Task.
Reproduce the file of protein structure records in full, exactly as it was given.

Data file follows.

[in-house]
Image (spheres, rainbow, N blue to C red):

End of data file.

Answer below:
[in-house]
Image (spheres, rainbow, N blue to C red):